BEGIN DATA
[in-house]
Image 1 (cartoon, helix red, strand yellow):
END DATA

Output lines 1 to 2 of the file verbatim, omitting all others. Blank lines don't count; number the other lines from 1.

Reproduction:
[in-house]
Image 1 (cartoon, helix red, strand yellow):